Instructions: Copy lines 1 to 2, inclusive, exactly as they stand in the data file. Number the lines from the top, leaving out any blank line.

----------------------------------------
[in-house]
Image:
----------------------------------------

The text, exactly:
[in-house]
Image: